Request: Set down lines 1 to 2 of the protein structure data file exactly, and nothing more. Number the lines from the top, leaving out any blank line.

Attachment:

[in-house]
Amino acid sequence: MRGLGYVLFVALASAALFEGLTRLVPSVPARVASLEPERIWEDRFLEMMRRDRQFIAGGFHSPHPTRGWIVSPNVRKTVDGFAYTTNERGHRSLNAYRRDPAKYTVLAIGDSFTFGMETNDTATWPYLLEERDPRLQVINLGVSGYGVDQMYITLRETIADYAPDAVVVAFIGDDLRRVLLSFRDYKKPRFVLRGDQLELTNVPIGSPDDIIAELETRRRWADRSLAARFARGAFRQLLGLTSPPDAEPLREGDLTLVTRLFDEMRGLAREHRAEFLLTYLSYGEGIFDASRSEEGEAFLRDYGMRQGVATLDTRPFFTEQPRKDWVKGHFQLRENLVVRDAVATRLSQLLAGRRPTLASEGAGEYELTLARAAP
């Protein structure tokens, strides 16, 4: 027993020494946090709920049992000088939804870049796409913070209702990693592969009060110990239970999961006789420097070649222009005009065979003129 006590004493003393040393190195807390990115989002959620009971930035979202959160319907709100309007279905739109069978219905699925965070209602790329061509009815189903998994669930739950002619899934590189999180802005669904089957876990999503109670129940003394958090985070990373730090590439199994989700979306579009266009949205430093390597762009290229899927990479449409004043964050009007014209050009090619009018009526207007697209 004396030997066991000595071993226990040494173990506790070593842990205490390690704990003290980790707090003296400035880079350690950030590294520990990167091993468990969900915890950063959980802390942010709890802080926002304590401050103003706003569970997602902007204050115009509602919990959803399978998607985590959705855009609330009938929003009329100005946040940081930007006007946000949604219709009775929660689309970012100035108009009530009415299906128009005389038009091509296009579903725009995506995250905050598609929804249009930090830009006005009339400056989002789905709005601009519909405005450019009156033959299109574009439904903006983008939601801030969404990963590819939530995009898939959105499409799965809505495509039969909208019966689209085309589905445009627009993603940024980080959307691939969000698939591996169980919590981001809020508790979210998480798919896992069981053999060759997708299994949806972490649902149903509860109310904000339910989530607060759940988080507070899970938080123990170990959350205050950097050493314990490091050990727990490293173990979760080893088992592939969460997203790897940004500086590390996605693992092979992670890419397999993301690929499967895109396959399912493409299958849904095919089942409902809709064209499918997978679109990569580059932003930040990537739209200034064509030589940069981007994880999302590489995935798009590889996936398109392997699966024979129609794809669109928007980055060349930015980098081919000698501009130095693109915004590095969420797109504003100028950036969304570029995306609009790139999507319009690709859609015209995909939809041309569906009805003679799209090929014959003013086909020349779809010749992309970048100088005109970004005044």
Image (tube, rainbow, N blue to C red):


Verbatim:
[in-house]
Amino acid sequence: MRGLGYVLFVALASAALFEGLTRLVPSVPARVASLEPERIWEDRFLEMMRRDRQFIAGGFHSPHPTRGWIVSPNVRKTVDGFAYTTNERGHRSLNAYRRDPAKYTVLAIGDSFTFGMETNDTATWPYLLEERDPRLQVINLGVSGYGVDQMYITLRETIADYAPDAVVVAFIGDDLRRVLLSFRDYKKPRFVLRGDQLELTNVPIGSPDDIIAELETRRRWADRSLAARFARGAFRQLLGLTSPPDAEPLREGDLTLVTRLFDEMRGLAREHRAEFLLTYLSYGEGIFDASRSEEGEAFLRDYGMRQGVATLDTRPFFTEQPRKDWVKGHFQLRENLVVRDAVATRLSQLLAGRRPTLASEGAGEYELTLARAAP